Monday, January 31, 2011

National Innovation Award shortlisting

FitzGerald Nurseries Ltd has been shortlisted for a National Innovation Award from a nationwide and Island wide group of small, medium and large multi-national companies.

This is great honour for us. Especially as small family farm based rural business to be included with mainstream high tech multi-national companies with specific dedicated R&D companies. I believe this shows that Ireland is now more serious about building its economy to include a second tier of indigenous and niche developed small export focused businesses. As a small enterprise owners operating in an international marketplace dependent on 90% of our sales from exports it is essential that we develop products specific to our company but profitable and fit for our customers purposes. Therefore we must have systems and strategies to ensure this happens at all levels of our economy not just for the large corporate. This is just as essential for a small rural business as it is for multi-national.
FitzGerald Nurseries are proud to be the recipient of this recognition if only to establish a basic principal that Ireland must develop enterprise brick by brick and not in large loose insecure towers of Babel. This innovation must come from the companies on the ground and cannot come from state services but can be supported by them through policy and reform of business categorization.. I would like to thank the Irish Times and Inter Trade Ireland Innovation Awards judging panel for looking deeper into what we do by way of product development.
I would like to thank all who have believed in and supported our efforts over the last few years to develop such a business model and hope this shortlisting gives some recognition to this trust in us.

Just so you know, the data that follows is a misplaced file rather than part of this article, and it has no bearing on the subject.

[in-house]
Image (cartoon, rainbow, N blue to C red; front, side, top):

Monday, January 3, 2011

Kennedy Irish Primrose Collection

Announcing the Kennedy Irish Primrose collection.

A unique collection of Primroses bred over 35 years from old Irish varieties.

I am pleased to reveal the hard work and dedication one of Ireland’s leading amateur primrose breeders, Joe Kennedy, has been acknowledged with the help of FitzGerald Nurseries. We will release several new varieties of “Kennedy Irish Primroses” over the coming three years starting in Spring 2011. In the meantime Joe continues to work on future exciting lines to add to this uniquely Irish range of varieties.

Our ancestors believed that the primrose deterred evil fairies and a scatter of primroses outside the door would keep witches away. My own first contact with primroses came as a child seeing drifts of them growing in the 2000 year old Rath (Celtic Ringfort) on our farm here in County Kilkenny.

Portrait painting of Primrose breeder Joseph Kennedy.

Since then I have had a soft spot for Primroses and now another reason for this is the wonderful work of Joe Kennedy, who hails from Carlow but now lives near Ballycastle, County Antrim. A modest man with exceptional ability as an amateur breeder, his professional training as a dentist has given him a precision and attention-to-detail perfectly suited to the finer points of breeding.